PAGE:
Source: Charlotte Observer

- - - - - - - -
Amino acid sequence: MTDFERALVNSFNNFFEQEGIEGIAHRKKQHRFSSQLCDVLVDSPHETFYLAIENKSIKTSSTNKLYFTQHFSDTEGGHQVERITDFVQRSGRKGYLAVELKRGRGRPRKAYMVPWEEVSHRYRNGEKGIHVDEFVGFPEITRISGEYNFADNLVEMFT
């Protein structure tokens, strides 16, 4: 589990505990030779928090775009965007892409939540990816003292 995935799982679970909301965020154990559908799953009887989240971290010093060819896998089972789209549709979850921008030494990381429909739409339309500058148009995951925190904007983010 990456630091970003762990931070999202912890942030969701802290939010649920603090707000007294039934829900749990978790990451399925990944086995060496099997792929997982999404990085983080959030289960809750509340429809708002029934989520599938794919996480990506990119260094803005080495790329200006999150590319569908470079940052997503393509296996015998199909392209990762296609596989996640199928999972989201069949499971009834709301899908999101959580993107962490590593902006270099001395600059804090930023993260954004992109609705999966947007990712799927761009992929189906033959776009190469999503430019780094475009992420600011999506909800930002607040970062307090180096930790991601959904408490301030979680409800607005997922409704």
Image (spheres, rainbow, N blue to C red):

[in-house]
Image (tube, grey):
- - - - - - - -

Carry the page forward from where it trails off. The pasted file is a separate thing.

On July 11, 2005 the Charlotte Observer reported, "As they defend the nation, the U.S. armed forces should also protect the separation between church and state. Several military leaders have lately been using their positions of authority to promote a specific religious point of view. This threatens the very idea of religious freedom. The latest case involves the Air Force Academy in Colorado. Allegations of religious intimidation at the academy surfaced last summer when a Yale Divinity School team visited there. It discovered an environment rich in evangelism, often at the expense of other religions... Unfortunately, the problem of an overtly religious military may not be limited to the Air Force. The Anti-Defamation League recently rebuked the U.S. Naval Academy for organizing prayers before meals. A federal appeals court has also recently ruled that organized prayers before meals at the Virginia Military Institute are unconstitutional... Military chaplains of all faiths must be made available to assist soldiers in the moral difficulties of war and combat, but the military must remain free of even the slightest whiff of official endorsement of any particular religion... Protecting America's religious diversity, not squelching it, ought to start in the armed forces."